No-one's going to spend $495 on Joey Roth's Ceramic Speakers because of audiophile considerations, then start fretting about whether they look good enough next to the iMac. People are going to buy them because of the looks, and then worry about whether the audio quality lives up to the price tag. So, does it?
It does, so long as you're happy paying a premium for design. The audio is clear and crisp, despite the small size: Roth writes that he used modified Tang Band W4-1052SD drivers, avoiding plastic and metal in the speakers' housing in favor of vibration-dampening materials like ceramic and cork. As long as you don't expect miracles, then, there's little chance of suffering "catalog remorse," as commonly experienced when buying stuff that looks great in print but doesn't live up to its looks.
The cones, vaguely reminiscent of gramophone horns, are gorgeous. They feel reassuringly heavy, and no part of the system shows a cut corner. It appears durable, too–though porcelain is what it is, so take care with setup and positioning. The technical simplicity suggests a respect for function that Roth's beautiful but unweildy Sorapot somewhat lacked.
Birch stands support the cones. The amp is made from sheet steel and sits on a block of cast iron. Plastic isn't used anywhere in the system except for cable insulation and interior electrics. It comes with all the required cables, including adapters, and a power brick.
There are limitations–obvious as they may be, with 15 watts per channel on 4-inch full-range drivers–which must be considered. If you like bowel-clearing bass, these are not the speakers for you. The amp's designed to make a show of the cabling, a choice at odds with the cones' clean vibe. There's a DC power input, standard stereo outputs for each cone, a single 1/8" stereo input, a volume slider and an old-school on-off knob, and no fancy features at all.
Most prominent of the product claims is that the Ceramic Speakers offer detail, that you'll be able to hear the difference between iffy MP3 files and lossless data. Cheap speakers are set up to make the most of noisy audio, whereas these are intended for use with quality sources.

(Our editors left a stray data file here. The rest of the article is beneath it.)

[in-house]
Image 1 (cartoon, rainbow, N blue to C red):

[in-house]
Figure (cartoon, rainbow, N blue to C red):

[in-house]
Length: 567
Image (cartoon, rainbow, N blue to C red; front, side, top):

Now, it's easy to slip into synasthesiac jargon when reviewing audio gear, but the ceramic speakers shape up in straightforward terms. Radio broadcasts and low-bitrate mp3 files sounded no better than with any half-decent (i.e. sub-$500) set of desktop speakers. Lossless digital audio and well-kept vinyl records, though, had a clarity I don't get with my $200 M-Audios. (I tried plugging an Akai Miniak into it — live music! — and that was another minor revelation compared to the mid-range headphones I'd been using) I don't have any "standard" similar kit in the Ceramic Speakers' price range, however: wait until hardcore audiophiles have had a listen if you count yourself in their numbers.
To be blunt, if you're concerned about the existence of equally good-sounding gear at lower prices, you're probably not the intended audience. The Ceramic Speakers are about marrying distinctive minimalist design with good quality and an open-minded approach to where in the home you stick them.
In any case, they look great either side of a big-ass computer display.
$495, Joey Roth Ceramic Speakers [Official site]